Today on Oldest Olympians we are focusing on the case of Canadian speed skater Leo Sylvestre, an athlete who is certainly deceased, but nonetheless presents a mystery worth raising here on our blog.
Sylvestre was relatively successful on the domestic scene, but had less luck when he represented his country at the 1932 Lake Placid Olympics. He was entered in all four speed skating events at the Games, but only started in the 500 metres, where he was eliminated in round one. He continued to compete at home, but eventually settled into a career as a coach and trainer in his sport of choice.
We here at Oldest Olympians believed that we had determined his fate nearly a decade ago when we discovered a report of a Mrs. Leo Sylvestre, who died while giving birth in January 1953. Mrs. Sylvestre had been in a car accident three months earlier that had taken the life of her husband. There was, however, nothing to suggest that the Leo Sylvestre mentioned in the report was the Olympian, as it was not an uncommon name.
When we shared this finding, however, Arild Gjerde, a Norwegian Olympic expert, related a story he had heard “about a Canadian speed skater […] who was killed in a car crash. His pregnant wife was severely injured and died some times later giving birth to her child.” This seemed to be confirmation that the Leo Sylvestre in the article was the Olympic speed skater.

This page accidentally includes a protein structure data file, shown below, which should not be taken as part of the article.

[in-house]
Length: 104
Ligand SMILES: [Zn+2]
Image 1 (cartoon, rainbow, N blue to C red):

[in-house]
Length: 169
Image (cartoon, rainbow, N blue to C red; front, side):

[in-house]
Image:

There was just one problem. According to the Quebec Death Index, as well as research conducted by other Olympic historians, the Leo Sylvestre who died in the car accident was born January 29, 1918. While it would not be impossible for a speed skater to compete at the Olympics at the age of 14, it seemed very unlikely.
Our theory was completely debunked by a solitary report that we uncovered many years later that listed Sylvestre as alive and working as a coach in his native Quebec. It remains the only evidence that we have located of his being alive after the other Leo Sylvestre died in the car accident:
Other researchers also discovered that the Olympic Sylvestre’s full name was Joseph Henry Léopold Sylvestre, and that he was born on December 14, 1912 in Montreal, Quebec. We have not been able to uncover any information about his death, although we know that he is deceased. Our research, therefore, continues, despite having uncovered enough Olympic mystery (or at least coincidence) for one speed skater’s lifetime.